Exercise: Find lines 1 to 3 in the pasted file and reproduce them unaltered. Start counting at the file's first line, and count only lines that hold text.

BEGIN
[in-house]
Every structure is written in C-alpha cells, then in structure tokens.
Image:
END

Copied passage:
[in-house]
Every structure is written in C-alpha cells, then in structure tokens.
Image: